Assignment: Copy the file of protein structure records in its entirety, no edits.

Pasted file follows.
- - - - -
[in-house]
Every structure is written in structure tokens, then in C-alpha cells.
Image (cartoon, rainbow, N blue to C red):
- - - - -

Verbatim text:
[in-house]
Every structure is written in structure tokens, then in C-alpha cells.
Image (cartoon, rainbow, N blue to C red):